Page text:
By Carrie Muehling
LEXINGTON – More and more farmers are realizing the benefits of applying seed treatments before planting.
In 2012, Brandt Consolidated invested in a seed treatment unit, which is housed at the Lexington location. Seeds are treated with fungicides, insecticides and nematocides to protect against a number of challenges that can hinder crop development.
“It helps the soybean. It’s protected early in the season against some of the early season pests which it’s going to fight against,” said Jason McArdle, Lexington plant manager with Brandt Consolidated.
Seed treatments on corn and soybean seeds protect against early season pests like aphids, over wintering bean leaf beetles, and seed corn maggots. They also promote higher yield by supporting a healthier root system and a more vigorous and uniform crop. Farmers who use seed treatments in addition to other management practices are seeing results as they protect the plant during a critical time. The treatments do not replace scouting fields throughout the growing season and making adjustments when necessary.
McArdle said about 85-90 percent of soybeans planted in this area are treated. Seed treatments are also used on corn. The fully automated seed treatment system minimizes potential down time, eliminates hand mixing and reduces the exposure to the user.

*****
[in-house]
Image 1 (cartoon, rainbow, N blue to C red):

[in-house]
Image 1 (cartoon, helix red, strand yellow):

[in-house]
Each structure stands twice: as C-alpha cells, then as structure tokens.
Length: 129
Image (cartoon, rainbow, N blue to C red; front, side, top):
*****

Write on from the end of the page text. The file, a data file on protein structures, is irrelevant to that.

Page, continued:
“As far as I know, throughout Illinois and Indiana, which is the only data I have, there are only a few of these in operation. So it’s a pretty neat thing to watch and to see,” said McArdle.
Brandt Consolidated will host an open house Tuesday, Feb. 27 at the Lexington location to demonstrate the seed treatment equipment.
Other considerations before planting
McArdle echoed many others in the industry who are encouraging farmers to pay close attention to the size of the soybean seed this year.
“We’ve seen soybean seeds this year as large as 2,150 seeds per pound, so that could really mess up your planting as you get closer to planting season. Look at your plates and your seed meters and make sure you’ve got all of that in line,” said McArdle.
He also outlined five factors he believes are the most important to raising a successful crop. Those include soil condition at planting, seed placement, seed quality, right hybrid in right field, and post planting management.
“If you can take care of those five things, then you’re going to go a long way towards getting the yield you want,” said McArdle.
Carrie Muehling can be reached at email@example.com.